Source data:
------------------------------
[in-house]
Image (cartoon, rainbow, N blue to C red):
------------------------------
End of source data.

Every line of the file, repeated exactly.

[in-house]
Image (cartoon, rainbow, N blue to C red):